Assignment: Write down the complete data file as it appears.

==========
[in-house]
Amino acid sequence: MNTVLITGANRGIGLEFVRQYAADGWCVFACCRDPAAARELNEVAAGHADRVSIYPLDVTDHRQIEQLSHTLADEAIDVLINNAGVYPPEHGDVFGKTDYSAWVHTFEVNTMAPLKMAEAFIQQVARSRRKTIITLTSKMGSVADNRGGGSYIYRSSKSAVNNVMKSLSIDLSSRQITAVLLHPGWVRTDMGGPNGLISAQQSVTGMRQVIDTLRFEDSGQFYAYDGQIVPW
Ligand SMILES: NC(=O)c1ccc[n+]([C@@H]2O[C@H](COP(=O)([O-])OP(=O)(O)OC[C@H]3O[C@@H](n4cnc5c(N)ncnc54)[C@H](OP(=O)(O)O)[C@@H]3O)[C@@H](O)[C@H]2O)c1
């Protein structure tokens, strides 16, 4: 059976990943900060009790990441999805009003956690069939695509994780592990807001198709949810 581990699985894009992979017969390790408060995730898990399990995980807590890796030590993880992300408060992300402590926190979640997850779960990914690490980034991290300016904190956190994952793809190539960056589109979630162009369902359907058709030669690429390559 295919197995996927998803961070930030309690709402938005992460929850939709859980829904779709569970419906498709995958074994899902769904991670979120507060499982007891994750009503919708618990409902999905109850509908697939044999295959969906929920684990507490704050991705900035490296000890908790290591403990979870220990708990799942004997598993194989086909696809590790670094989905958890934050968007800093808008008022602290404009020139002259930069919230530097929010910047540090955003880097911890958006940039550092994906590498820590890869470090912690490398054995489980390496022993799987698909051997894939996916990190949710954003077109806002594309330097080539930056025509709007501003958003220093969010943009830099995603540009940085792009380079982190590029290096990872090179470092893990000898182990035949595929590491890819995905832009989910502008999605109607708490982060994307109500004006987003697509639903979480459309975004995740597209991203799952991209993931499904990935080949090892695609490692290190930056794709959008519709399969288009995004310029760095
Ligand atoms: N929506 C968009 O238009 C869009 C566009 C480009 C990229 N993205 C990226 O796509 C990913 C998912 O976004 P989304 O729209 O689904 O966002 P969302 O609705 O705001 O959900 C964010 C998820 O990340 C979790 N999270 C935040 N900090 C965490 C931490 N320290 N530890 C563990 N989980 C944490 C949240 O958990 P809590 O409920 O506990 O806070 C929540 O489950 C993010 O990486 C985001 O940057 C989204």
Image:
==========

[in-house]
Amino acid sequence: MNTVLITGANRGIGLEFVRQYAADGWCVFACCRDPAAARELNEVAAGHADRVSIYPLDVTDHRQIEQLSHTLADEAIDVLINNAGVYPPEHGDVFGKTDYSAWVHTFEVNTMAPLKMAEAFIQQVARSRRKTIITLTSKMGSVADNRGGGSYIYRSSKSAVNNVMKSLSIDLSSRQITAVLLHPGWVRTDMGGPNGLISAQQSVTGMRQVIDTLRFEDSGQFYAYDGQIVPW
Ligand SMILES: NC(=O)c1ccc[n+]([C@@H]2O[C@H](COP(=O)([O-])OP(=O)(O)OC[C@H]3O[C@@H](n4cnc5c(N)ncnc54)[C@H](OP(=O)(O)O)[C@@H]3O)[C@@H](O)[C@H]2O)c1
């Protein structure tokens, strides 16, 4: 059976990943900060009790990441999805009003956690069939695509994780592990807001198709949810 581990699985894009992979017969390790408060995730898990399990995980807590890796030590993880992300408060992300402590926190979640997850779960990914690490980034991290300016904190956190994952793809190539960056589109979630162009369902359907058709030669690429390559 295919197995996927998803961070930030309690709402938005992460929850939709859980829904779709569970419906498709995958074994899902769904991670979120507060499982007891994750009503919708618990409902999905109850509908697939044999295959969906929920684990507490704050991705900035490296000890908790290591403990979870220990708990799942004997598993194989086909696809590790670094989905958890934050968007800093808008008022602290404009020139002259930069919230530097929010910047540090955003880097911890958006940039550092994906590498820590890869470090912690490398054995489980390496022993799987698909051997894939996916990190949710954003077109806002594309330097080539930056025509709007501003958003220093969010943009830099995603540009940085792009380079982190590029290096990872090179470092893990000898182990035949595929590491890819995905832009989910502008999605109607708490982060994307109500004006987003697509639903979480459309975004995740597209991203799952991209993931499904990935080949090892695609490692290190930056794709959008519709399969288009995004310029760095
Ligand atoms: N929506 C968009 O238009 C869009 C566009 C480009 C990229 N993205 C990226 O796509 C990913 C998912 O976004 P989304 O729209 O689904 O966002 P969302 O609705 O705001 O959900 C964010 C998820 O990340 C979790 N999270 C935040 N900090 C965490 C931490 N320290 N530890 C563990 N989980 C944490 C949240 O958990 P809590 O409920 O506990 O806070 C929540 O489950 C993010 O990486 C985001 O940057 C989204």
Image: